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What Is Enriched Flour?

Niki Acker
By
Updated May 16, 2024
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Enriched flour is white flour with added nutrients intended to compensate for the loss of natural nutrients that occurs during processing. Each pound (0.45 kg) of flour must contain the following nutrients in order to be considered enriched according to the United States Food and Drug Administration (FDA) guidelines: 2.9 milligrams of thiamine, 24 milligrams of niacin, 0.7 milligrams of folic acid, 1.8 milligrams of riboflavin, and 20 milligrams of iron. Except for iron, all of these nutrients are B vitamins.

Some enriched flours also contain 960 milligrams or more of calcium per pound. Though some people refer to enriched flour as fortified flour, that term is not correct, because fortified implies the addition of nutrients that never existed in the food.

White flour first became popular during the medieval period in Europe, when it was perceived as cleaner and healthier than untreated flour. This may have been because the processing necessary to make white flour kills fungus, though people at the time would not have been aware of this feature. White flour remains more popular than other types of flour in the Western world, especially for baking. However, compared to darker flours, white flour lacks many essential nutrients. Enriched flour combines the flavor and texture of white flour with the nutrients found naturally in untreated flour.

Chemist Benjamin R. Jacobs was the first to discover the nutritional deficiencies of white flour and to suggest ways to correct the problem in the 1920s. During World War II, Jacobs' methods were widely promoted in Great Britain and the United States. Enriched flour offered a way to ensure that citizens of all social classes were eating nutritious diets despite rationing. In 1942, the United States Army announced that it would only use enriched flour, making the product immensely popular among United States civilians who wished to show their support of the troops. Today, enriched flour remains the most popular type of flour in the United States.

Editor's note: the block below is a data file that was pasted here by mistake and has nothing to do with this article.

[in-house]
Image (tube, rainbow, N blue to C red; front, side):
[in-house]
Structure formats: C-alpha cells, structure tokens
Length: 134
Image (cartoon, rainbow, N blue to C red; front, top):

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Niki Acker
By Niki Acker , Writer
"In addition to her role as a DelightedCooking editor, Niki Foster is passionate about educating herself on a wide range of interesting and unusual topics to gather ideas for her own articles. A graduate of UCLA with a double major in Linguistics and Anthropology, Niki's diverse academic background and curiosity make her well-suited to create engaging content for WiseGeekreaders. "

Discussion Comments

By anon356143 — On Nov 22, 2013

The vitamins added to enriched white flour are only added to make it nutritionally equivalent to those that are present in whole grain flour. It does not have more vitamins than whole wheat flour and is also missing all the fiber found in whole wheat. There is a government mandate that it has to be added to all bleached white flour in the US. It is added at the mill.

It's pretty easy to avoid if you stay away from processed food. You can avoid it completely by buying whole wheat products and organic products. If my kids are dying for a white flour cookie for a change, I buy from imported food store. Gluten free is the way to go when in doubt, like on an airplane or restaurant. It’s easy these days.

To the poster who has a reaction when eating "enriched" products, or anyone else reading this who has digestive or allergic-type reactions from these products, you are fortunate that you have noticed the correlation between your symptoms and the enriched products. You most likely have a common genetic mutation called MTHFR that interferes with your ability to process the folic acid into folate. It doesn't manifest the same symptoms in everyone. My daughter and I get giant hives and facial swelling from it if we eat "enriched", but whole wheat and any organic product is fine. Also many imported products are fine. Please visit the website for detailed info on what to avoid and what can help symptoms. You likely have other symptoms that you didn't even know were related to this.